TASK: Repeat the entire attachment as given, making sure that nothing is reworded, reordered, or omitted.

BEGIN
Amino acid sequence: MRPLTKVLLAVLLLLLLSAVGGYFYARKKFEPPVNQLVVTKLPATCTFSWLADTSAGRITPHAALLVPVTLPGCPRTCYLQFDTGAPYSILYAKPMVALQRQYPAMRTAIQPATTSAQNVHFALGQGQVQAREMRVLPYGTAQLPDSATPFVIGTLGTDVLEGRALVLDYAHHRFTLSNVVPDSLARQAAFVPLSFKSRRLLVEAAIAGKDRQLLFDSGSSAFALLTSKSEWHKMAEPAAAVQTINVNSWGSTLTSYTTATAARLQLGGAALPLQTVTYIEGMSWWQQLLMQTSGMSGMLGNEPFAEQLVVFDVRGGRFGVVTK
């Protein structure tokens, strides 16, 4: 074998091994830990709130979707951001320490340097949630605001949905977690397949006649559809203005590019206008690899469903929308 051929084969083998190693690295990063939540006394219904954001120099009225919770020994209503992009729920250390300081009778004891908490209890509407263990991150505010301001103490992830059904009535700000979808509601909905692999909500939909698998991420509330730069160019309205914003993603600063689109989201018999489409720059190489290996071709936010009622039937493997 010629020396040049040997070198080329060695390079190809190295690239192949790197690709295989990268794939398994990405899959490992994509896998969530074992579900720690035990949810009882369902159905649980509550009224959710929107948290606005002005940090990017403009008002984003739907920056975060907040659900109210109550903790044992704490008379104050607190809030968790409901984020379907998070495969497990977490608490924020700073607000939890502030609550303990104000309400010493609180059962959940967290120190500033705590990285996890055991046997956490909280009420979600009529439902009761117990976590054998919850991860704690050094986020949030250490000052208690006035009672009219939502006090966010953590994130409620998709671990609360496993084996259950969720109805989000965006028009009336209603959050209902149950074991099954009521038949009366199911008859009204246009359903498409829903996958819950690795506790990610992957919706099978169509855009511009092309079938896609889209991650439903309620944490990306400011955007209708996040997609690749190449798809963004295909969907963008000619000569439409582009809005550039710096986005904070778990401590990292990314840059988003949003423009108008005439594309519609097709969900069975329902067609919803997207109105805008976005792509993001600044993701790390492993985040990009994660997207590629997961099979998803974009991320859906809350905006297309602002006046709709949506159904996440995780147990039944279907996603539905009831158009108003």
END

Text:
Amino acid sequence: MRPLTKVLLAVLLLLLLSAVGGYFYARKKFEPPVNQLVVTKLPATCTFSWLADTSAGRITPHAALLVPVTLPGCPRTCYLQFDTGAPYSILYAKPMVALQRQYPAMRTAIQPATTSAQNVHFALGQGQVQAREMRVLPYGTAQLPDSATPFVIGTLGTDVLEGRALVLDYAHHRFTLSNVVPDSLARQAAFVPLSFKSRRLLVEAAIAGKDRQLLFDSGSSAFALLTSKSEWHKMAEPAAAVQTINVNSWGSTLTSYTTATAARLQLGGAALPLQTVTYIEGMSWWQQLLMQTSGMSGMLGNEPFAEQLVVFDVRGGRFGVVTK
């Protein structure tokens, strides 16, 4: 074998091994830990709130979707951001320490340097949630605001949905977690397949006649559809203005590019206008690899469903929308 051929084969083998190693690295990063939540006394219904954001120099009225919770020994209503992009729920250390300081009778004891908490209890509407263990991150505010301001103490992830059904009535700000979808509601909905692999909500939909698998991420509330730069160019309205914003993603600063689109989201018999489409720059190489290996071709936010009622039937493997 010629020396040049040997070198080329060695390079190809190295690239192949790197690709295989990268794939398994990405899959490992994509896998969530074992579900720690035990949810009882369902159905649980509550009224959710929107948290606005002005940090990017403009008002984003739907920056975060907040659900109210109550903790044992704490008379104050607190809030968790409901984020379907998070495969497990977490608490924020700073607000939890502030609550303990104000309400010493609180059962959940967290120190500033705590990285996890055991046997956490909280009420979600009529439902009761117990976590054998919850991860704690050094986020949030250490000052208690006035009672009219939502006090966010953590994130409620998709671990609360496993084996259950969720109805989000965006028009009336209603959050209902149950074991099954009521038949009366199911008859009204246009359903498409829903996958819950690795506790990610992957919706099978169509855009511009092309079938896609889209991650439903309620944490990306400011955007209708996040997609690749190449798809963004295909969907963008000619000569439409582009809005550039710096986005904070778990401590990292990314840059988003949003423009108008005439594309519609097709969900069975329902067609919803997207109105805008976005792509993001600044993701790390492993985040990009994660997207590629997961099979998803974009991320859906809350905006297309602002006046709709949506159904996440995780147990039944279907996603539905009831158009108003």